....and what Ramadhan buffet would be complete without the lamb?! I'm glad to say the roast lamb never ran out during the night's buffet, and neither could I get enough of it throughout the night! I think in total I had 3 servings of lamb, besides the other meat I had too. It really was pure torture watching the chefs roast the lamb on the spit and having to wait for breaking fast time to start eating.

It was Olympics on the tv all night long - this was Federer vs Murray for the gold.

We also had to eat fast, because we had an important date at 8pm! Our date was with the television in the room, where many other Olympic-gold-obsessed Malaysians were no doubt glued to their screens willing our Datuk Lee Chong Wei on. Sadly China has a bigger population than us, so their combined willpower won out in the end. And after all the excitement from the badminton, there was even more to come with the tennis finals between Federer and Murray! I don't think I was the only one emotionally spent after that night. Alas, I don't think we made our neighbours very happy with all that cheering we did though.. =D

Breakfast the next day was at one of their food outlets, B's All Day Dining.

We haven't actually had many breakfast opportunities at local hotels before, but most of the time when we get the chance it's good for us because it suits the local taste buds! Everyone knows Malaysians love a mixture of Western and Asian choices for breakfast, so at B's there's everything ranging from cereal to fried noodles to nuggets and sausages! We were there a little late, so not much was left as they unfortunately don't really refill close to closing.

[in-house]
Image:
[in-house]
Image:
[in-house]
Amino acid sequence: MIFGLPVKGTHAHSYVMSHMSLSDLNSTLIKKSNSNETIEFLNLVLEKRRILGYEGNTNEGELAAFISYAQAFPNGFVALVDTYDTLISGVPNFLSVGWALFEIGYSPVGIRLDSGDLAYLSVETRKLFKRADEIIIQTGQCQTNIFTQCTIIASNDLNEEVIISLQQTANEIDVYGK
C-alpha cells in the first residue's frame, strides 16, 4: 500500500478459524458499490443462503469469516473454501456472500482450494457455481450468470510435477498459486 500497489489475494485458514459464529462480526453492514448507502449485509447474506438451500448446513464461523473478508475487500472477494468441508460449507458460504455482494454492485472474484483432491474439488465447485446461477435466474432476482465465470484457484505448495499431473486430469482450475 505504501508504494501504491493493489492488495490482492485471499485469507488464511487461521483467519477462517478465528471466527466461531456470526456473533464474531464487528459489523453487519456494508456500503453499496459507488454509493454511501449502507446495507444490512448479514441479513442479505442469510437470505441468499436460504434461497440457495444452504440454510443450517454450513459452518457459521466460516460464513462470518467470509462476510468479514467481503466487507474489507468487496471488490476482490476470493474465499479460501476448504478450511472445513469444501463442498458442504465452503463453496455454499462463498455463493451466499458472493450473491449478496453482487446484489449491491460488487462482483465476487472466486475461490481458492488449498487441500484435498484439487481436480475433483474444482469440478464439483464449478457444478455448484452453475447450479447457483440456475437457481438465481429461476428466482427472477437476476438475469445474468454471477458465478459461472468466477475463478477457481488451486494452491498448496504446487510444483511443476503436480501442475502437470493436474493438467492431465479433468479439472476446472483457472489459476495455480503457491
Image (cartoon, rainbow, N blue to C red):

As you can see, a truly jumbled-up breakfast consisting of favourites from either side of the globe! In Malaysia, everything really 'boleh' indeed. =P

Don't forget the pastry; there's a healthy variety of pastry available, which ensures there's something for everyone. Croissants, donuts, or just plain toast bread are all given equal prominence, and surprisingly fresh too. Toast it, butter it, do whatever you like with it. Oh, and there's also a cheese section, for those who enjoy a morsel of cheese for breakfast. =)

In the end, it was a very relaxing albeit short holiday to Pullman Putrajaya Lakeside. Wendy left happy, and I left relieved that another birthday plan had been pulled off with success! For anyone needing a quick get-away from the rat race, but can't afford to go too far, do consider Putrajaya as your destination. For our room, we I paid around RM 300++ with free breakfast (but excluding our dinner buffet). We'll certainly be hoping to return again, this time perhaps for the barbecue buffet that we missed out. =D


Sooo... did anyone get the answers to my puzzle above? Here we go with the answers:

1. No, nothing to do with games! Uno = one in Spanish = one
2. That's a knight in shining armour, so knight = night
3. A wreath made out of holly = holi
4. This is the toughest and also the one Wendy struggled most with. That's some god of prosperity so, God = deity, but the black line cutting across it indicates that you aren't supposed to take the whole word. Part of deity = dei = day

Put that all together, and you get 'one night holiday" which was precisely what we enjoyed at Pullman Putrajaya Lakeside. :)

Pullman Putrajaya Lakeside | Site
No. 2, Jalan P5/5, Presint 5,
62200 Putrajaya
Tel: +6 03 8890 0000
Fax: + 6 03 8890 0330